if judging things by their attributes. Take one attribute and run by all things instead of doing one thing and running by all attributes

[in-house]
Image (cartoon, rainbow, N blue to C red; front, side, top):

Early in my career as a professor, I graded students’ essay exams in the conventional way. I would pick up one test booklet at it time and read all the students’ essays in immediate succession, grading them as I went. I would then compute the total and go on to the next student. I eventually noticed that my evaluations of the essays in each booklet were strikingly homogeneous. I began to suspect that my grading exhibited a halo effect, and that the first question I scored had a disproportionate effect on the overall grade. The mechanism was simple: if I had given a high score to the first essay, I gave the student the benefit of the doubt whenever I encountered a vague or ambiguous statement later on. This seemed reasonable … I had told the students that the two essays had equal weight, but that was not true: the first one had a much greater impact on the final grade than the second. This was unacceptable. (p. 83) Kahneman then switched to reading all the different students’ answers to each question. This often left him feeling uncomfortable, because he would discover that his confidence in his judgement became undermined when he later discovered that his responses to the same student’s work were all over the place. Neverthless, he is convinced that his new procedure, which, as he puts it “decorrelates error” is superior.
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